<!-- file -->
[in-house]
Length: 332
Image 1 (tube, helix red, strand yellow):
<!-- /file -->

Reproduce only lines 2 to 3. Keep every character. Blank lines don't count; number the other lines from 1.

Length: 332
Image 1 (tube, helix red, strand yellow):